In the past twenty years, much time, effort, and money has been expended on designing an unambiguous representation of natural languages to make them accessible to computer processing. These efforts have centered around creating schemata designed to parallel logical relations with relations expressed by the syntax and semantics of natural languages, which are clearly cumbersome and ambiguous in their function as vehicles for the transmission of logical data. Understandably, there is a widespread belief that natural languages are unsuitable for the transmission of many ideas that artificial languages can render with great precision and mathematical rigor.
In the early 1900s, analytic philosophers such as Russell and initially Wittgenstein too, tried to develop artificial languages, which, unlike ordinary language, would provide them with a more logical grammar, and words with unambiguous meanings. Language was a major preoccupation for later analytic philosophers such as Austin too, although he felt ordinary language itself would serve the purpose of the philosopher.
About generative grammar, linguist Noam Chomsky said that grammar books do not show how to generate even simple sentences, without depending on the implicit knowledge of the speaker. He said this is true even of grammars of "great scope" like Jespersen's 'A Modern English Grammar on Historical Principles'. There is some "unconscious knowledge" that makes it possible for a speaker to "use his language". This unconscious knowledge is what generative grammar must render explicit. Chomsky said there were classical precedents for generative grammar, Panini's grammar being the "most famous and important case".
There is at least one language, Sanskrit, which for the duration of almost 1,000 years was a living spoken language with a considerable literature of its own. Besides works of literary value, there was a long philosophical and grammatical tradition that has continued to exist with undiminished vigor until the present century. Among the accomplishments of the grammarians can be reckoned a method for paraphrasing Sanskrit in a manner that is identical not only in essence but in form with current work in Artificial Intelligence.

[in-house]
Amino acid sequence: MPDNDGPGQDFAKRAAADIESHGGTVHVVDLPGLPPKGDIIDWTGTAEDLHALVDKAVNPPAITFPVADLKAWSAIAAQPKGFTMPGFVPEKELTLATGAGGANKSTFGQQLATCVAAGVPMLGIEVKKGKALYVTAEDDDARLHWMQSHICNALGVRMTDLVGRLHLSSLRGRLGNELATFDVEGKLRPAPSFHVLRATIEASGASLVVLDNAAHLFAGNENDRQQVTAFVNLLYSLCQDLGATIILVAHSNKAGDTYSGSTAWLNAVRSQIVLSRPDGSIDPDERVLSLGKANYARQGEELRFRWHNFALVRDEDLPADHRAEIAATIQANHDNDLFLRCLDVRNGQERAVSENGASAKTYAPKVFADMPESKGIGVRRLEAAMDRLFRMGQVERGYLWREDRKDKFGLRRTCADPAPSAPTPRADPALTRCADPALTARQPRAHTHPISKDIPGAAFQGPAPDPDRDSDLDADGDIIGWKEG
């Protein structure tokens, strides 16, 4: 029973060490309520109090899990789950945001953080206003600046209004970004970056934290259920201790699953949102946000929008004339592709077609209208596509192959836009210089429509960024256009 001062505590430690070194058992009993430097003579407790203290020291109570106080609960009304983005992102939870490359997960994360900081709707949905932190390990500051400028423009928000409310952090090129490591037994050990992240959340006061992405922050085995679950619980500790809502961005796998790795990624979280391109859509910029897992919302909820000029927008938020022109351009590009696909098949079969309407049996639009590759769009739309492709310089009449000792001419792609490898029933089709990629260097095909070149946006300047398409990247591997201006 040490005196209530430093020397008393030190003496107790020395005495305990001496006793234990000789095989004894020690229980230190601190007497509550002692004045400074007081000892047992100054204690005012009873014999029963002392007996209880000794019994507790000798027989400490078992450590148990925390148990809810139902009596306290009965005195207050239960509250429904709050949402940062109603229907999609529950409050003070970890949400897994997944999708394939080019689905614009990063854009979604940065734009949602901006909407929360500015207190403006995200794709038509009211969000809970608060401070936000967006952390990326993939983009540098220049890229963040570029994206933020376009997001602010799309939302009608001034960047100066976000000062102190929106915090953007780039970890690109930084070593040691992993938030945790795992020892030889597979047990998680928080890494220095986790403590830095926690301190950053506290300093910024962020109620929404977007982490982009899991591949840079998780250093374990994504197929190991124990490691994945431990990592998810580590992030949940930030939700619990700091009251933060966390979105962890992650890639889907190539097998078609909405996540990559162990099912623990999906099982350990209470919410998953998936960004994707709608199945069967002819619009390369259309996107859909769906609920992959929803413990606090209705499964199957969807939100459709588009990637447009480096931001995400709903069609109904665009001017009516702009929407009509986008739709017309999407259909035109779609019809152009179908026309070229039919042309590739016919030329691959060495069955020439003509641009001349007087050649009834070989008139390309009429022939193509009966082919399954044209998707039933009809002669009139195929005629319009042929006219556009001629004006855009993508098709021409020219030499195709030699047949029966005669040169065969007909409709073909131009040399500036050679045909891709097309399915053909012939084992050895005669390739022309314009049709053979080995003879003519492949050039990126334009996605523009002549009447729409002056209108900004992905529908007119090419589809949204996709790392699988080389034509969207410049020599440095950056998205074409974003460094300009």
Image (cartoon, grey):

Sanskrit is one language in a tree-like structure of languages with Proto-Indoeuropean at its root. Like many of its sister languages, it features an extense system of verb conjugation that encodes person, time, mood, etc. It also has a rich declension for nouns indicating their relationship to each other in sentences. These two features mean that the Sanskrit relies less on word order than English or Chinese, for example. Sanskrit is not unique, as these characteristics are shared by Russian, Latin and Greek.
Sanskrit has a long written and oral tradition. Panini's codification of Sanskrit has conferred scholars unprecedented knowledge of its inner workings. His works illustrate meticulously how an unlimited number of things can be expressed in Sanskrit. However, the claim that a natural language, however well documented its grammar may be, is more fit for use that another in AI sounds highly suspect. A meticulouly defined grammar does not absolve Sanskrit from any potential ambiguities that can arise in expression. Ask people who read Sanskrit prose to tell you about the challenge that it can be to tease out the meaning in those beautiful and rich verses. Furthermore, a fundamental nature of every natural language is its ability to express virtually every thought possible.
The idea of logic in languages is part of a bigger debate in linguistics about the role language has in shaping human thought. The Sapir-Whorf theory proposed that language directly constrains what thoughts humans can conceive. Most linguists seem to have softened their stance to believe that it only affects one's thoughts somewhat.
So, Sanskrit is best language for computer because natural language processing can be done faster in it. The program can be executed fromtwosidesmeansmeaningofsentencedoesnotchangeinsanskritwhenchangingthewordstobe executed.